Though there has been a perceived dormancy, the duo assure us that the band’s hiatus has never really extended beyond the period of one week – the rest of the time has been spent crafting new material. “The only time we ever take a break is if we’re tired due to extensive touring, and that will only last a week,” Andy states. “There’s been no break. We’ve not been very active in the public eye, been we’ve been active away from that.”

 

Since the last release from Fuck Buttons, the musical landscape has seen the rise of the titan that is EDM – for better or worse. But don’t expect the genre’s newfound dominance to shape the upcoming output from Fuck Buttons. “I definitely wouldn’t say it’s influenced the new material at all. It never has, really. Just because it’s become more fashionable doesn’t mean me and Andy were listening to electronic music before. Andy and I, when we were practicing for the live show in Russia, we were having a chat and discussing that we don’t really see ourselves as an electronic act in the live sense,” Ben recalls. “It certainly has more of a live band feel to it. Which is nice, we certainly wouldn’t want to pigeonhole ourselves into anything. It gives us more scope to experiment more, we’ve never been interested in that kind of thing.”

 

As for the development of new technology and software in the past few years, Ben and Andy are capable of adapting their studio ethos to current means. “We’ve never had attachments to instruments, because it’s just not important to us. What is important to us is finding what interests us. So staying static isn’t really conducive to that process. It’s really about what we enjoy listening to, at the end of the day,” Andy muses.

 

“Going back to Andy’s point, we don’t get attached to any instrumentation just because we like to explore every avenue,” Ben adds. “That obviously manifests itself in a very different sound from record to record. Having said that, the next record is going to sound very different to Tarot Sport, just as Tarot Sport sounded different than Street Horrrsing. We don’t like to stick around in the same place. The worst thing ever would be just to play songs for people and not necessarily for yourself. We enjoy every aspect of what we do at the moment, and we’d like to preserve that and keep ourselves interested and entertained. And I think momentum and movement is very important when considering that.”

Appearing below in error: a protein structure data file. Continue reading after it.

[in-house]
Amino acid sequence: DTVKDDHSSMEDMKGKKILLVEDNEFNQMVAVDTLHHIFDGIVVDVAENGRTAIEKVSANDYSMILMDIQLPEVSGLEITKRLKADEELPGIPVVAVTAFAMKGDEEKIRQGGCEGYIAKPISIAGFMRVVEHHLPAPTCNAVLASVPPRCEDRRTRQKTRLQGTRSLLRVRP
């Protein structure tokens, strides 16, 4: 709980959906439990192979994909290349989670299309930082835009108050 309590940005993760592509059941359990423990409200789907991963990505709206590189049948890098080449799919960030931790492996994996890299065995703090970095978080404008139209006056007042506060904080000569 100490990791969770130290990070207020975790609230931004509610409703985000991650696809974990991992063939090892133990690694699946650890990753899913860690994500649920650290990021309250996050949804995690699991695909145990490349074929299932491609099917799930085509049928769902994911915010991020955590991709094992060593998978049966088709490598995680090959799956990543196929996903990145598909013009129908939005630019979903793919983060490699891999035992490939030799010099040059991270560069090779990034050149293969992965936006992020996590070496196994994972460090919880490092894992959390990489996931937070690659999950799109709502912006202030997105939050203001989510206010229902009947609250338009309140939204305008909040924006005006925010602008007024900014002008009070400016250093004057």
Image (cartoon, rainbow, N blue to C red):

Both Fuck Buttons records have enjoyed near-unanimous critical acclaim. That’s not to say the band are feeling the pressure to live up to their track record in that sense. “I definitely wouldn’t say scared or concerned because we’re never going to put out a record that we don’t think is great, basically,” ponders Ben. “If other people take to it, then that’s a bonus. As long as that we’ve made something that we’re happy with and that we can listen to, then we’ve done our job as best we can.”

 

As for when we can expect new material? “We don’t have a confirmed release date or a schedule or anything like that, we’re still working away on it,” Andy states.

 

With new material currently in its gestation period, we can tentatively expect some to be showcased when Fuck Buttons hit the stage at Harvest. “We’re not sure [if new material will be played], but you can expect a good time. Festivals are a funny one and you make the best of the situation that you’re in, it’s quite nice to be adaptable in that sense – which is something that I think we’ve been pretty good at. When we first started out we’d be playing on bills that had bands that had such an odd and interesting contrast. And I kind of like that about us. It keeps us on our toes,” Ben reasons. “I don’t think we have a personal preference, but saying that, I do quite like playing at night.”

 

BY LACHLAN KANONIUK

FUCK BUTTONS perform alongside Beck, Sigur Rós, Santigold, Liars, and plenty more at Harvest, held at Werribee Park on Sunday November 11.